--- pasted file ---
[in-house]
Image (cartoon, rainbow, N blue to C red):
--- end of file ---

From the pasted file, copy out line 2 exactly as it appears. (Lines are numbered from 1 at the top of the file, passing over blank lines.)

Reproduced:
Image (cartoon, rainbow, N blue to C red):